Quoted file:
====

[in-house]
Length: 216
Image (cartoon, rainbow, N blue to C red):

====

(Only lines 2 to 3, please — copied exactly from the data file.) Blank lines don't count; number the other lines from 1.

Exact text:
Length: 216
Image (cartoon, rainbow, N blue to C red):